Impact of a Blended Web-Based Mindfulness Programme for General Practitioners: a Pilot Study
Demarzo, Marcelo [UNIFESP]
de Mon, Melchor Alvarez
Is part ofMindfulness
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General practitioners (GPs) report high levels of distress. This study examined whether a brief blended web-based mindfulness intervention could be effective at enhancing well-being for GPs and assessed the possible mediating role of awareness. An open uncontrolled trial, with pre-post measurements, was conducted. The programme comprised one face-to-face meeting (4 h) and eight online practice sessions with no support (two weekly sessions over 4 weeks). The primary outcome was positive affect (PANAS-positive). The secondary outcomes were as follows: negative affect (PANAS-negative), awareness (MAAS), resilience (CDRISC), and the burnout subtypes (BCSQ-12). Mixed-effects analysis for repeated measures and mediation analysis by regression models were performed. Two hundred ninety Spanish GPs took part in the study, attending the face-to-face meeting. Nearly one out 10 participants (n = 28) completed 'one weekly practice', and 10.4% (n = 30) accomplished 'two or more weekly practices'. There were benefits for those with 'two or more weekly practices' in PANAS-positive (B = 2.97p = 0.007), and MAAS (B = 4.65p = 0.023). We found no benefits for those with 'one weekly practice' in any of the outcomes. There were mediating effects of MAAS in PANAS-positive (explaining a 60.8% of total effects). A brief blended mindfulness intervention, with minimum face-to-face contact and web-based practice sessions, seems to confer improvements in the well-being of Spanish GPs. The benefits may be mediated by awareness. The implementation of this kind of programme might enhance the well-being among GPs, but there is a need to improve adherence to practice. Further research using randomized controlled designs will be needed to support the evidence found in our study.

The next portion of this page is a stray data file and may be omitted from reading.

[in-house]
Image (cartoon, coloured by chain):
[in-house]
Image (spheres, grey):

CitationMindfulness. Dordrecht, v. 9, n. 1, p. 129-139, 2018.
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